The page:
I travel a ton, both for many of the conventions and events we cover on TouchArcade, as well as because staying in one place for too long is boring. Traveling a lot is liberating for many reasons, but mainly because you realize just how little of the stuff you own you actually need. Specifically, from a computing standpoint, I’ve got my entire infrastructure down to a single laptop bag which houses absolutely everything I need for TouchArcade and all other things I use my computer for.
When bag space is at a premium, you rarely have room for any “unitasker" as Alton Brown puts it, which sadly leaves many traditional gaming accessories without a place in my mobile arsenal. I’ve made a special exception for the Fling iPad joysticks, but I haven’t had an actual USB gamepad for ages. Normally this isn’t much of an issue, but since 2011 is the 25th anniversary of both the Metroid and Zelda series, I’ve taken it upon myself to replay both series in emulators as carting my originals (and associated consoles) around just isn’t realistic.
This is where Joypad [$2.99 / Lite] comes in. Utilizing a small iOS app combined with a companion program running on your Mac or Windows PC, you can use your iPhone as a game controller. Setup is simple, and basically just amounts to having both your computer and iPhone on the same wireless network while having both the iOS app and the companion program running. In the Joypad Connect computer program you’ll then select one of the pre-sets for mapping buttons to keys, then select your iOS device from the list of devices and you’ll be good to go. If you’re playing an emulator or game that uses different keys, you can create a new profile for that, and go to town mapping the controls it uses to the virtual buttons of Joypad. It all works really well.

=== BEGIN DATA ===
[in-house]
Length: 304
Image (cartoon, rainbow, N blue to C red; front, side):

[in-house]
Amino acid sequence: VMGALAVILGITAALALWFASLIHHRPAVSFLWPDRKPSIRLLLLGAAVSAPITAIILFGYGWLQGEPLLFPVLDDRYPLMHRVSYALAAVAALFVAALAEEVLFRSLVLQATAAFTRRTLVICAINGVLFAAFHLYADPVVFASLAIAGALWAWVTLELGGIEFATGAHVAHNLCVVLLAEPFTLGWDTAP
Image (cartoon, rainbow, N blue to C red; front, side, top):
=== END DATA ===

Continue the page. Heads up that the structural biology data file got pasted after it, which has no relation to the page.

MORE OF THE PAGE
This will be somewhat obvious if you’ve played the various emulated games that Sega has released on the App Store, and other classic titles released by other developers… but often times these classic games simply require the precision and tactile feedback of a real controller. So, how well Joypad works is largely dependent on two factors: 1. How good you are at handling virtual controls. 2. The control demands of the game you’re emulating and whether or not those will even jive with Joypad. Specifically, games that require super-precise D-pad dancing aren’t so great. Also, games that require you to hold down more than two buttons can be hit or miss depending on what buttons they actually use and how often you need to use that button combination.
Another issue I’ve randomly run in to is that Joypad is highly dependent on a low-latency WiFi network. It has worked great in most locations, but this week I’ve been staying in an area of Barcelona with so many WiFi networks that my menu to select them on my Mac scrolls for ages. With the local WiFi signal spectrum this jam packed, I’ve had issues just browsing the Internet, so it’s not much of a surprise that Joypad also suffers. I don’t expect this to impact most people, but if you live in a super-crowded urban environment just be aware that your game controls will only perform as well as your local WiFi climate will allow.
That being said, Joypad is without a doubt one of my favorite non-game apps that I’ve tried lately. Sure, it was released almost a year ago now, so it’s very existence will likely be old news for some. However, if you’re like me and never really had reason to look for something like Joypad before, now you know about it. $3 for the app is also considerably cheaper than any worthwhile USB gamepad, and while it is by no means a substitution for real physical controls, it sure is a great travel companion.